Another mechanism by which environmental adversity can have an effect on cooperation is risk management. For example, Amir et al. [39] put forward an uncertainty management perspective, where adverse environments are associated with risk averse, present-oriented and more cooperative preferences. Although, they do not specifically test whether risk is a mediator between environmental adversity and cooperation. Even in the uncertainty management perspective proposed by Amir et al. [39], adverse environments are associated with a present-orientation, which is in line with the framework of our study. Amir et al. [39] see cooperation as a form of risk pooling which would reduce uncertainty. Therefore, in adverse and uncertain environments, this would be associated with increased cooperation. We fully agree that in adverse environments people will want to reduce uncertainty, but we are not entirely convinced that the primary means to achieve this is increased cooperation. One possibility is that this might be the case in specific contexts, for example, where population size is low and where the likelihood of interacting with a third party outside the kinship community is small. However, the pattern might be reversed in places where the population size is larger and where the likelihood of interacting with non-kin increases, because the likelihood of being cheated also increases as a result [132134], and this risk might further increase in adverse conditions. In these environments, trusting other people less and cooperating less can be viewed as a means to reduce uncertainty, a view which is in contradiction with Amir et al.’s findings [39], but which fits a large set of work in the social sciences [81,83,135] as well as our own results. We think that risk management strategies in the context of social behaviors is an interesting topic for further research.

Whether cooperation is decreased or increased in adverse environments is still debated. The present study contributes to this debate by reporting two pre-registered studies applying structural equation models to test this relationship on large-scale datasets (the European Values Study and the World Values Survey). The results show that adverse environments in childhood and adulthood are associated with decreased investment in adult cooperation. Furthermore, the channel through which this relationship arises is also unclear. We proposed that this relationship is mediated by a present bias at the psychological level, which is embodied in the reproduction-maintenance trade-off at the biological level. We indeed found that the relationship between environmental adversity and cooperation is mediated by individuals’ reproduction-maintenance trade-off.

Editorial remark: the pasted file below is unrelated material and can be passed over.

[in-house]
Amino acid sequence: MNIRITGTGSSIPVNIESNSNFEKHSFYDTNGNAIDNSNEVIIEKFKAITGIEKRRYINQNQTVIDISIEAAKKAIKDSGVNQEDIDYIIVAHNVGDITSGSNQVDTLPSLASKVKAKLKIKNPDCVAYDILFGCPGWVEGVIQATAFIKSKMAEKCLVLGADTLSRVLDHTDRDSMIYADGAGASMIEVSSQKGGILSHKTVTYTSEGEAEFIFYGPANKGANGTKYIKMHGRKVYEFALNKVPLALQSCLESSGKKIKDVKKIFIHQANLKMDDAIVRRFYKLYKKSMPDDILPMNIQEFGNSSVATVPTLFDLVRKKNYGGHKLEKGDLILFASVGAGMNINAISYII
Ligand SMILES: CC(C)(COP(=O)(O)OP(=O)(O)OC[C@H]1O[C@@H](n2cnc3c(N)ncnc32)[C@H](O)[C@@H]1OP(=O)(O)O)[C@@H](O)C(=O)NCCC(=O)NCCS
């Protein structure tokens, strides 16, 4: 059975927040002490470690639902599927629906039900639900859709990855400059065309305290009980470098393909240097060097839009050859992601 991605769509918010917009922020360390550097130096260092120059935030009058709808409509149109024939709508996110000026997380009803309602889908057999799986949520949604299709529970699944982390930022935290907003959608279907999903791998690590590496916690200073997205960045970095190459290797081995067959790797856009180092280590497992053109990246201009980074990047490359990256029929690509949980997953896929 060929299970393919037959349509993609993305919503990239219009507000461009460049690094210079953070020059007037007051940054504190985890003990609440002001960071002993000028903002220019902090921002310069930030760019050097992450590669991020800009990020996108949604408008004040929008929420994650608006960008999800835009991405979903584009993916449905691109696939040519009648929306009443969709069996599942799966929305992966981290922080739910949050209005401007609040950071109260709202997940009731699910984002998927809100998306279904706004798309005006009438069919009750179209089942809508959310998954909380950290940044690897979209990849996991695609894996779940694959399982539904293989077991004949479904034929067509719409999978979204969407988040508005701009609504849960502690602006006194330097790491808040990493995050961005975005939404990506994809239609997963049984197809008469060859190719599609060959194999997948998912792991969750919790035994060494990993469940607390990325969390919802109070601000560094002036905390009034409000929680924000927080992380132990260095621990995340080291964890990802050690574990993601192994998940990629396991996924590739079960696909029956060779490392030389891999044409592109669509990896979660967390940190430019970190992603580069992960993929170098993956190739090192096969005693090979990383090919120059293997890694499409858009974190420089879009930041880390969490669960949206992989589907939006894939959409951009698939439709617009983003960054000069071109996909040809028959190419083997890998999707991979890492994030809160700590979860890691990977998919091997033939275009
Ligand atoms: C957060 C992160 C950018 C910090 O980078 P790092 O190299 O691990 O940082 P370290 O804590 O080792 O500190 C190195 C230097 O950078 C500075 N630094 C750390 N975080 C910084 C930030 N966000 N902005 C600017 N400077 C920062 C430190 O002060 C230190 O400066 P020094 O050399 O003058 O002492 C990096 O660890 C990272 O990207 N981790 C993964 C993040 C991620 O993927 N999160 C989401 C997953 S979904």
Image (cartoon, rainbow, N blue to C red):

Supporting information

S1 Table. European Values Study countries descriptive statistics.

Values are unstandardized coefficients with standard deviations in brackets.

https://doi.org/10.1371/journal.pone.0236715.s001

(XLSX)

S2 Table. European Values Study collective action items.

https://doi.org/10.1371/journal.pone.0236715.s002

(DOCX)

S3 Table. European Values Study listwise deletions—Full results.

https://doi.org/10.1371/journal.pone.0236715.s003

(XLSX)

S4 Table. European Values Study listwise deletions—Controlled for current adversity.

https://doi.org/10.1371/journal.pone.0236715.s004

(XLSX)

S5 Table. World Values Study countries descriptive statistics.

Values are unstandardized coefficients with standard deviations in brackets.

https://doi.org/10.1371/journal.pone.0236715.s005

(XLSX)

S6 Table. World Values Survey collective action items.

https://doi.org/10.1371/journal.pone.0236715.s006

(DOCX)

S7 Table. World Values Survey listwise deletions—Full results.

https://doi.org/10.1371/journal.pone.0236715.s007

(XLSX)

S1 Text. European Values Study discovery sample—Results.

https://doi.org/10.1371/journal.pone.0236715.s008

(DOCX)

S2 Text. European Values Study imputed data—Results.

https://doi.org/10.1371/journal.pone.0236715.s009

(DOCX)

S3 Text. European Values Study listwise deletions—Mediation effects.

https://doi.org/10.1371/journal.pone.0236715.s010

(DOCX)

S4 Text. World Values Survey discovery sample—Results.

https://doi.org/10.1371/journal.pone.0236715.s011

(DOCX)

S5 Text. World Values Survey imputed data—Results.

https://doi.org/10.1371/journal.pone.0236715.s012

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S6 Text. World Values Survey listwise deletions—Mediation effects.

https://doi.org/10.1371/journal.pone.0236715.s013

(DOCX)